I’m glad you asked, because there are indeed concrete steps you can take to enhance your college application whether you’re in 9th grade dreaming of college, a senior overwhelmed with the process of college applications, or any student (or parent) in between.
First, a little background. When I first started advising students about how to get into a college that would be a great fit for them about 29 years ago, most colleges were looking for the “well-rounded” student. The ideal applicant would get good grades, have high SAT scores, belong to several school clubs, play a sport, and perhaps even dance or sing or play an instrument. The more areas in which a student showed competence, the more attractive the applicant.
About 15 years ago, there was a shift. Colleges decided that they could have a well-rounded freshman class even if each student wasn’t well-rounded. In fact, perhaps a college could build a stellar class if they chose some students who were brilliant academically but had no other activities, some athletes who were stars on the field but didn’t test well and didn’t have wonderful grades, some virtuoso cellists who had played Carnegie Hall but never joined a club or held a job, and so on. Colleges were looking for “passion,” drive, and singular achievement.
About 7 or 8 years ago, there was another shift. Colleges found that sometimes star athletes, world-class musicians, and brilliant students kept those interests isolated from everything else in their lives, and so didn’t add much to the school environment. Now, colleges are looking for something I call “consistency.” They want to see that your interest or talent pervades your life, that you don’t merely dance or play lacrosse because someone said it would look good on an application. They want to see how you use that interest throughout your life. So if you dance, they want to see that you work part-time in a dance studio helping younger dancers, that you and your friends give free dance performances each Christmas in the local senior center, that you dance in your local dance group, that you’ve organized a dance group for your school. If you play lacrosse, they want to see you get paid for coaching lacrosse, they want to see you spend your summers at a lacrosse training camp, they want to see you volunteer to coach kids in some sport in your nearest inner city Boy’s Club. Your in-school, out-of-school, volunteer, and paid work should all be organized around your interest, talent, or ability.
The best applicants actually DO have a pervasive, enduring interest that shows itself in every aspect of their lives (while those applicants also get good grades and have good scores). But if you know that’s what colleges are looking for, you can give them what they want. Instead of going on your church’s midnight run to give food to the homeless in the city (or in addition to that), be sure you look for volunteer opportunities that complement your “interest.” Better yet, create volunteer opportunities that both reflect your interest and highlight your leadership abilities. Be thoughtful about how you spend your summers. If you’re an athlete, camp or life-guarding is fine, but if you want to be an engineer, perhaps working theater tech for local community theater is better. Choose after school activities wisely. If your strength is academics, you may want to join the prom committee, but the debate club might be a better choice.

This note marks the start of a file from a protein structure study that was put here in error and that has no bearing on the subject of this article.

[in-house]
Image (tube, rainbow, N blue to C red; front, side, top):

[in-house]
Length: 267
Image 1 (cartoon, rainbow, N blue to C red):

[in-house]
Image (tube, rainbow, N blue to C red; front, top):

In many ways, I’m sorry for this trend. I do think 14- , 15- , 16- , and 17-year old students should be exploring lots of interests. How do you know if the chorus isn’t for you until you try it? Maybe you’ll find that the Model U.N. ignites a passion for public service in you. Maybe not, but you won’t know until you try. So on the one hand, I’m giving you advice I don’t believe. I don’t believe young people should be hyper-focused on one passion. Your “passion” at 15 might bear no resemblance to your “passion” at 17 — and that’s how it should be.
On the other hand, people do pay me for my years of expertise about how to get into their top choice college — and telling students to focus, focus, focus on their grades and one big talent or interest will absolutely differentiate that student from the thousands of other smart, suburban, perfectly likable and capable students who will compete for a limited number of spots at that college. So you need to decide whether your passion or talent is enduring or a passing flirtation, and how important it is for you to tailor your activities (beginning in 9th grade, if possible) based on college acceptance. Or maybe this advice gives you permission to resign from clubs and activities that don’t light your fire in favor of those that feed your passion. Feel free to comment (politely).
Shortly, I’ll write about other aspects of a college application over which students have control so they can give the college what they want. Stay tuned!